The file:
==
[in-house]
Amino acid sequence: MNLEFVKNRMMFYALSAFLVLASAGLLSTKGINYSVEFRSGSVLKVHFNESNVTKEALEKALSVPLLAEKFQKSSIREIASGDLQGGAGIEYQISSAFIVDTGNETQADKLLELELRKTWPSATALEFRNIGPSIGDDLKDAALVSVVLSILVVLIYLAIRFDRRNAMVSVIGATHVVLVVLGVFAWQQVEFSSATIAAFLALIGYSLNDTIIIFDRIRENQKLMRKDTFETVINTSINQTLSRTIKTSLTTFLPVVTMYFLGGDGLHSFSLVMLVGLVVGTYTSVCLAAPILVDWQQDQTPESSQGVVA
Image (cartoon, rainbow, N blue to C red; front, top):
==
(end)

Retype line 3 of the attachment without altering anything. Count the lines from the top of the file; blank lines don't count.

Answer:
Image (cartoon, rainbow, N blue to C red; front, top):